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How do I prove that a finite ring $R$ of order 10 is isomorphic to the ring $\mathbb{Z}/10 \mathbb{Z}$?

I know that as a group under addition, $(R,+)$ is isomorphic to the group $(\mathbb{Z}/10 \mathbb{Z}, + )$, but the multiplication is rather mysterious to me.

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up vote 13 down vote accepted

I assume your definition of "ring" requires a unit element, which I'll write as $1$ (without that requirement, the statement is false: you could make all products be $0$). Now if $1+1=0$, we'd have $r+r = (1+1)\cdot r = 0$ for all $r \in R$, but then the order of the additive group of $R$ couldn't be $10$. Similarly, $1+1+1+1+1$ can't be $0$. So $1$ must have order $10$ in the additive group of $R$, and all members of $R$ are $0, 1, 2=1+1, \ldots, 9=1+1+1+1+1+1+1+1+1$. Expanding it out, any $i \cdot j$ is the sum of $i j$ $1$'s, and this is $k$ where $k \equiv i j \mod 10$.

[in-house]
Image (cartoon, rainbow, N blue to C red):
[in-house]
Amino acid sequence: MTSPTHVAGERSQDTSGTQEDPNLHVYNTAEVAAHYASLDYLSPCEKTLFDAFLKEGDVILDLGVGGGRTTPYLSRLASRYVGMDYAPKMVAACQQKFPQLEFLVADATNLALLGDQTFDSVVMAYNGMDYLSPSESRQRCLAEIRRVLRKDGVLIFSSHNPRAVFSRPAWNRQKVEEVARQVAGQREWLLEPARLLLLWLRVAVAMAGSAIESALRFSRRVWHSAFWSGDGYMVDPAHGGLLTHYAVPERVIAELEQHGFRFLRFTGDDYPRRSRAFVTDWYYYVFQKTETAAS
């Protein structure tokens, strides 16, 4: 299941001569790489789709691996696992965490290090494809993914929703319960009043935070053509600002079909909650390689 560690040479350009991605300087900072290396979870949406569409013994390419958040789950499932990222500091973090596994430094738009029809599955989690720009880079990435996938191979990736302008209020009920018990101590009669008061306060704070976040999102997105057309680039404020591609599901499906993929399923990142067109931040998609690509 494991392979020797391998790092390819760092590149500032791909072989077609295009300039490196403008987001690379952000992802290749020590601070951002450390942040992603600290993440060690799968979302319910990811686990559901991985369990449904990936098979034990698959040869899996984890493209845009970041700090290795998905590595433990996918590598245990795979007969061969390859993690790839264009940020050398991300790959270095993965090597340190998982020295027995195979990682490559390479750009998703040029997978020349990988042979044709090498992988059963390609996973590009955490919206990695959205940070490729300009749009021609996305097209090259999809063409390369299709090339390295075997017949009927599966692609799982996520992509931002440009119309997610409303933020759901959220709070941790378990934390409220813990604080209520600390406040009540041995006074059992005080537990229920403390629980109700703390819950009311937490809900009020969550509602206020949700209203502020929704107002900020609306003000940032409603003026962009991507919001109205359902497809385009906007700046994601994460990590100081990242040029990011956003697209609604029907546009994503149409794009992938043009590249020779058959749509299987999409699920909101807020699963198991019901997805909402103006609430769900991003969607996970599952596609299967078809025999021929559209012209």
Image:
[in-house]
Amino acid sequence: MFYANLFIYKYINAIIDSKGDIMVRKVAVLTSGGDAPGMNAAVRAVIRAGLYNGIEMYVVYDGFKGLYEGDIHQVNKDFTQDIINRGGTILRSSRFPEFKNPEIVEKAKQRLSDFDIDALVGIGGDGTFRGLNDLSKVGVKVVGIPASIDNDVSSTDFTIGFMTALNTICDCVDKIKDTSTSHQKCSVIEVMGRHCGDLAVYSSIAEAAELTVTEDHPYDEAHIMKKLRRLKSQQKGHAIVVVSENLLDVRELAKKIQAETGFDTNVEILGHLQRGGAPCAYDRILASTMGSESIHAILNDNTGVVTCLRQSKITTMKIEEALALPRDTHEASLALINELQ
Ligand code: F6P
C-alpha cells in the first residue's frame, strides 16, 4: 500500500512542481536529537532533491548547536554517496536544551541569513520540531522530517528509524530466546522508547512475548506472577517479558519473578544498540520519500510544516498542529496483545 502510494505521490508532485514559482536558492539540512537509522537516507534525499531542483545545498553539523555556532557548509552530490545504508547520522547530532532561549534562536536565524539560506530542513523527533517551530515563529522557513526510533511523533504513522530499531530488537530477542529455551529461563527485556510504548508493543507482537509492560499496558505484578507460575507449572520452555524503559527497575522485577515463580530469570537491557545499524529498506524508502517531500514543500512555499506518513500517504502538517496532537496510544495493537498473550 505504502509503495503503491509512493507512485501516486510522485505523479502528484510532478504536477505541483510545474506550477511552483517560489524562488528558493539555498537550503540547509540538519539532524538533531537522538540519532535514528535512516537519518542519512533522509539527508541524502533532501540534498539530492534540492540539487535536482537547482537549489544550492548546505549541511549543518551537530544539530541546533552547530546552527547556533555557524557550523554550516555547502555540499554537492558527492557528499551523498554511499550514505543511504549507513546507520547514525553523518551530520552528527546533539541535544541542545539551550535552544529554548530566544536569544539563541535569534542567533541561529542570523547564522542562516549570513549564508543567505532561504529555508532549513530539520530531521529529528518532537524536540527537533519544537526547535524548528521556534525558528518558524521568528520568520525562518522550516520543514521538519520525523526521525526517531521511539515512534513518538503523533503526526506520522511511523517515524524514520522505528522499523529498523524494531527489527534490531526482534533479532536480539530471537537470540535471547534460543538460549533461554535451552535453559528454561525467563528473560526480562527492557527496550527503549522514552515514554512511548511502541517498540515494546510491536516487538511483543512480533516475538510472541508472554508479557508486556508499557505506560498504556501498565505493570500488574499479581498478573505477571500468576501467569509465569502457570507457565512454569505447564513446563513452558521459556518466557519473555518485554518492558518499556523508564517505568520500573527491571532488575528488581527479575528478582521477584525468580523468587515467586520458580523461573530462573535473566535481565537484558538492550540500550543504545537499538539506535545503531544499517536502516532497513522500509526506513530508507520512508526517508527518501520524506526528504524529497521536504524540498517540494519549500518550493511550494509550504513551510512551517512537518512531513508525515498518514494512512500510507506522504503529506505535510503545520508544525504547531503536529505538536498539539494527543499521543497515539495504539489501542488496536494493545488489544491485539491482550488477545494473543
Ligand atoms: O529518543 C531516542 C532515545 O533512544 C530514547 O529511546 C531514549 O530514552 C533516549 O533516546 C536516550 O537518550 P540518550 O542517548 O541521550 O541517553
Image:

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I am having trouble seeing why $1_R + 1_R = 0 $ implies that the order of the additive group of $R$ wouldn't be 10. All I am able to deduce is that $ r = - r $ for all $ r \in R$, and I don't see the collapsing that would occur. @RobertIsrael – Peter Feb 19 '12 at 3:55
@Peter A group with 10 elements must contain an element of order 5 ;) – N. S. Dec 10 '12 at 7:24
The additive group generated by $1$ has order $2$, $5$ or $10$. But it can't be $2$ or $5$ so it's $10$. And that doesn't leave room for anything else in $R$. – Robert Israel Feb 26 '15 at 3:32

Note that if $1+1=0$ then $\mathrm{char}R =2$ and the additive group if it will have order $10$ then it should have a subgroup of order $5$ which is cyclic and generated by $x$. But $x^2=x+x=0$ contradiction.

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